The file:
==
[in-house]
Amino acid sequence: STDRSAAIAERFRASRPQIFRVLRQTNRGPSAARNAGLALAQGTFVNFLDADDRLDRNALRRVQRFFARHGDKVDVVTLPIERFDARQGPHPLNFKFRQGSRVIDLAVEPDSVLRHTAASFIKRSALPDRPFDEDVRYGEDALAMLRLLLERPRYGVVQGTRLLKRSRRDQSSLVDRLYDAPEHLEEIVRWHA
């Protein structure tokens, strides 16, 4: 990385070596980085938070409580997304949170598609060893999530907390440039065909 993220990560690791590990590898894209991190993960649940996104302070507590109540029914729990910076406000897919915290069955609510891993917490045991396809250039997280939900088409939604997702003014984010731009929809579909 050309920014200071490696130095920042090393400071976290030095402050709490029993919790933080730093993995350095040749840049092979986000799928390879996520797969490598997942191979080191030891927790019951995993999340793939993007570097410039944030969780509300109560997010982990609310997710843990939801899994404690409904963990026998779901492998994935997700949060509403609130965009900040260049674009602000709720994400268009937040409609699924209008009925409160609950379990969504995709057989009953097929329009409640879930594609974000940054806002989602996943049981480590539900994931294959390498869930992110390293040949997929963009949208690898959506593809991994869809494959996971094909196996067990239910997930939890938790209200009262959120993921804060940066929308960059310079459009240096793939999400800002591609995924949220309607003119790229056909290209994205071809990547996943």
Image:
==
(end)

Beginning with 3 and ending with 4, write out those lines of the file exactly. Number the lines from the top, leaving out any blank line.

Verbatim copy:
């Protein structure tokens, strides 16, 4: 990385070596980085938070409580997304949170598609060893999530907390440039065909 993220990560690791590990590898894209991190993960649940996104302070507590109540029914729990910076406000897919915290069955609510891993917490045991396809250039997280939900088409939604997702003014984010731009929809579909 050309920014200071490696130095920042090393400071976290030095402050709490029993919790933080730093993995350095040749840049092979986000799928390879996520797969490598997942191979080191030891927790019951995993999340793939993007570097410039944030969780509300109560997010982990609310997710843990939801899994404690409904963990026998779901492998994935997700949060509403609130965009900040260049674009602000709720994400268009937040409609699924209008009925409160609950379990969504995709057989009953097929329009409640879930594609974000940054806002989602996943049981480590539900994931294959390498869930992110390293040949997929963009949208690898959506593809991994869809494959996971094909196996067990239910997930939890938790209200009262959120993921804060940066929308960059310079459009240096793939999400800002591609995924949220309607003119790229056909290209994205071809990547996943």
Image: